How to Remedy a Sloppy Playlist
Maureen K., California
I have a group of adults where one is much faster than the others. I finally moved the faster one out of that group… should have done it sooner. Meanwhile, I moved too fast for the slower two people, partly because I wanted to make it better for the faster person, partly because I am a newish teacher who tends to want to move forward each week.
The two left in the group are on Ode to Joy RH. Meanwhile, one of them in particular cannot play any of the songs on her playlist well. She uses wrong fingers and makes a lot of mistakes.
How do I fix this? Do I stop moving forward until both of them play everything well? If so, how do I explain that? Or can I remedy one Foundation song at a time while moving forward slowly in the Accompaniment program, which interests both of them? What to do when I, and they, let their playlist get out of hand?
Joanne D., Australia
I would take her back to doing the patterns on her fingers and saying out loud and using the paper keypad and only playing it on piano when she has success there. Have them use the SHM video with their paper keypad at home regularly.
Accompaniment is a good option if they can play C, F G chords fluently and perhaps getting each student to play 1 hand only, and you can play the other part for them. You could do an accompaniment from the arrangements programme so that it still sounds great when they are playing only 1 hand at a time.
I’m only new too but I would suggest not moving any further up the foundation ladder until they have mastered the earlier songs.
Louise H., Michigan
My guess is that your student is 1) not using the SHM video, 2) not practicing enough, and 3) correcting by ear. Part of the SM process for students is learning to think in patterns to guide their playing rather than letting the ear dictate what should be played next. One way to check this is to have them use practice pads. Don’t let them touch the keys until they can execute the pattern correctly on a pad. I am using pads more and more, even in private lessons.
Talk to her too about how much time she is spending practicing. Really, for an adult, these songs are so easy they should be able to master what you give them in a week, unless there are other things getting in the way of learning–IF they are practicing daily. I would teach some of the arrangements until she can get those songs under her fingers. Sometimes a bit of peer pressure works, if the student realizes that they are holding the class back.
If it were me–I would not go back and reteach songs. If the student has not done the required assignment to learn the song, they can use the video to teach it to themselves. I have told my students that I don’t repeat lessons. Sometimes we need to have a lesson that is just review and fun, because constantly learning new material each week can get overwhelming.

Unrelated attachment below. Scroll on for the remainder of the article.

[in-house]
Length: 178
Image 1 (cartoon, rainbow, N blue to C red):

I do recommend that you take care of these kinds of issues ASAP. It is much harder to change later.
Nicole O., California
A couple ideas come to mind. These are things I’ve tried:
- You could let them know that you’ll be doing a playlist review at the next lesson. Have them spend time reviewing their materials as needed to prepare for this. At the playlist review (in which you spend the entire lesson [or a portion] going over songs in the list), you can re-teach sections or songs, if necessary. Their assignment for the week would have specific instructions about what to “fix”.
- You could definitely keep moving forward… but at a snail’s pace, until the playlist is revived. In other words, if you’re teaching Ode to Joy, give them a very small portion (M to T, T to B, B to M), and then review songs that need work.
- I rarely re-teach the same material in a lesson. If the information is on the video, they can learn it at home. I will, however, ask them to come prepared to “teach” me the song. Or I’ll have them teach their parent and the parent will play the song for me the following week.
- As much as possible make them responsible for their own learning. They come to class, they listen, they follow instructions, they observe, they do and they teach. If they’re not following the student video at home, then get the video out during the lesson and show them how to learn with the video.
Do your students know the importance of the playlist? That it’s the foundation for all learning and that just like building a house, if pieces of the foundation are missing, the house will not stand strong.
One more thought about making them responsible for their own stuff…
A few years ago, I went to a therapist/healer who taught me an excellent lesson about responsibility. He asked me to stand and he gave me a rope. He sat in a chair. He asked for help to stand and I gave him the rope, which he dropped immediately. I picked it up and gave it to him again. And he dropped it again. At some point it clicked within me that THIS is what I had been doing in my life. It had shown up in many of my relationships and certainly my relationships with students and parents. I was eager to help, but to a fault. Now I see myself giving my students and their parents the rope when I’m teaching and they can pick it up or not. The ones that pick it up become self-reliant; and those that don’t usually don’t last long in my studio.